As Sandy continues to batter most of the northeast, people have jumped to conclusions about what caused–or didn’t cause– the storm. Predictably, President Bill Clinton and environmental activist Bill McKibben have both used the storm to highlight the importance of action on climate change, while Fox News host Sean Hannity interviewed meteorologist Joe Bastardi, who rejects current science that suggests climate change is real and exacerbated by human activity.

But whether Sandy was caused—or made worse—by a gradual human-induced warming of the planet isn’t quite as simple.

When I interviewed NASA climatologist Gavin Schmidt last month, his take was that climate change (while real, and happening) can really only be measured when looking at trends, like average monthly temperatures. Extreme weather events like tornadoes are trickier, he said, because there’s really no way of knowing whether they did happen before, but weren’t accurately recorded.

The more thoughtful media coverage of the links between Sandy and climate change tends to agree. The concensus? Sandy may have been made worse by climate change, but there’s not really concrete evidence to suggest that the storm was caused by climate change.

From the New York Times’ Green blog:

But in interviews on Tuesday, several climate scientists made some initial points. A likely contributor to the intensity of Sandy, they said, was that surface temperatures in the western Atlantic Ocean were remarkably high just ahead of the storm — in places, about five degrees Fahrenheit higher than normal for this time of year. In fact, part of the ocean was warmer than it would normally be in September, when accumulated summer heat tends to peak.

Kevin E. Trenberth, a scientist with the National Center for Atmospheric Research in Boulder, Colo., said that natural variability very likely accounted for the bulk of that temperature extreme. And many of Sandy’s odd features derived from its origin as a “hybrid” storm — a merger of several weather systems, including a hurricane and a midlatitude storm that had earlier dumped snow in Colorado.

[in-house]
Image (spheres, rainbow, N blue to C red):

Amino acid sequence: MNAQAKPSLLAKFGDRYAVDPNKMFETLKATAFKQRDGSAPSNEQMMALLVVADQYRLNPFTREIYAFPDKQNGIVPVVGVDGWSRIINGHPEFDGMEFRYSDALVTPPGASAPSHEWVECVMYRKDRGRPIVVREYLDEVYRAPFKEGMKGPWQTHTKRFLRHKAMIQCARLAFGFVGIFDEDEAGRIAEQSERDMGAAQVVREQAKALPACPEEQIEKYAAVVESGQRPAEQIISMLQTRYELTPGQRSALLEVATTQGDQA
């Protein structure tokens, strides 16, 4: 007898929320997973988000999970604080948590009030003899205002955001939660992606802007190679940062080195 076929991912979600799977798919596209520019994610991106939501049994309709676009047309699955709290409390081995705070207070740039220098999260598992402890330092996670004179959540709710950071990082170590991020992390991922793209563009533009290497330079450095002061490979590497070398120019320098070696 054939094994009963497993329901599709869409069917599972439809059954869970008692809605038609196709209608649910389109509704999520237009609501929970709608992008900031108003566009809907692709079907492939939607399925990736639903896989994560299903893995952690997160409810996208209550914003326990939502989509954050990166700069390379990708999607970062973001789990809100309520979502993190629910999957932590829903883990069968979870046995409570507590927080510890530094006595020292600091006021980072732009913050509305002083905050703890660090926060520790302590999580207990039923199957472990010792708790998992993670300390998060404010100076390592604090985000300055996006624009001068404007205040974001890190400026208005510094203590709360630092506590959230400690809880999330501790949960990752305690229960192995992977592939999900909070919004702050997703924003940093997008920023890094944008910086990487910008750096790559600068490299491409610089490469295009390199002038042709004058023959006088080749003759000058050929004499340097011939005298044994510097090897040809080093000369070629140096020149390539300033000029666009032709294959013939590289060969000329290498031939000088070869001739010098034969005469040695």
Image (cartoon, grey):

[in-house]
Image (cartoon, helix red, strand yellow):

“My view is that a lot of this is chance,” Dr. Trenberth said. “It relates to weather, and the juxtaposition of weather systems. A hybrid storm is certainly one which is always in the cards and it’s one we’ve always worried about.”

But, he added, human-induced global warming has been raising the overall temperature of the surface ocean, by about one degree Fahrenheit since the 1970s. So global warming very likely contributed a notable fraction of the energy on which the storm thrived — perhaps as much as 10 percent, he said.

And NPR agrees:

Here the waters get muddied. There is a hierarchy of weather events which scientists feel they understand well enough for establishing climate change links. Global temperature rises and extreme heat rank high on that list, but Hurricanes rank low. As the IPCC special report on extreme events put it “There is low confidence in any observed long-term (i.e., 40 years or more) increases in tropical cyclone activity (i.e., intensity, frequency, duration), after accounting for past changes in observing capabilities.”

The reasons for “low confidence” are manifold. Some part of the caution comes from the complexity of the problem, and some part comes from the lack of good data before the satellite era (about 1970). Thus, many climate scientists will not want to go out on a limb for hurricanes. They just don’t have the tools to make strong inferences.

Climate change is complicated, and so is its role in huge storms like this one. But at the very least, there’s a chance Sandy will convince one or both of the presidential candidates that climate change is worth discussing before the election next week.

Erica Peterson reports on energy and the environment for WFPL. She is also Enterprise Editor.